Syrian forces killed at least eight people at anti-government rallies today as more than 1 million demonstrators across the country defied stepped-up security, human-rights activists said.
Those killed were in Damascus, Aleppo, Homs and Idlib, while one protester died from wounds sustained earlier in the week, Ammar Qurabi, of the National Organization for Human Rights in Syria, and Mahmoud Merhi, of the Arab Organization for Human Rights, said in phone interviews.
Gunfire was also heard in Qamishli and Daraa, leaving some people wounded, Qurabi said. Protesters gathered in the cities of Hama in the west, Homs in central Syria and Latakia on the Mediterranean, as well as the northern city of Qamishli, home to the Kurdish minority, the activists said. There were also rallies in the southern province of Daraa, where the uprising against President Bashar al-Assad’s government began, they said.
Syrian government forces stepped up security around Damascus late yesterday ahead of the Muslim Friday prayers, which have been followed by protests for the past four months. Security was “tight” in the Qaboun, Harasta, Douma, Zabadani, Rukneddine and Midan districts of the capital, Merhi said. Raids and the arrest of dissidents preceded the deployment yesterday.
The protests are part of the wave of unrest across the Middle East and North Africa this year that has unseated the leaders of Egypt and Tunisia. Assad has blamed the dissent in Syria on a foreign conspiracy while saying demonstrators’ demands “have merit” and that changes are needed.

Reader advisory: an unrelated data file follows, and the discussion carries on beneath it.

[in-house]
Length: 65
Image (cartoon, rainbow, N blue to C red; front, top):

Killed by Military
The military killed at least three people in Homs yesterday, one person in Idlib in the north and another in Qaboun, Qurabi said. On July 15, more than a million protesters took to the streets nationwide after Friday prayers, according to Merhi and Qurabi.
Syrian security forces have killed more than 1,900 people since the uprising began and jailed thousands, the two activists said. Their groups have compiled the names of those killed, injured or detained. Thousands of Syrians have also fled to Turkey, Lebanon and Jordan.
The government has stepped up arrests even as it engages in a so-called national dialogue with opponents, Human Rights Watch said in a report this week. “President Assad talks reform but continues to practice repression, not only through the widespread killings of demonstrators but also through mass arrests,” said Sarah Leah Whitson, Middle East director at Human Rights Watch.
A committee of Syrian intellectuals and academics convened by Assad under the national dialogue called for a review of the constitution, the creation of a human-rights council and the release of political prisoners.
Protests are likely to gain momentum during the Muslim holy month of Ramadan, which begins in August, and authorities are probably trying to quell the unrest before then, Merhi and Qurabi said.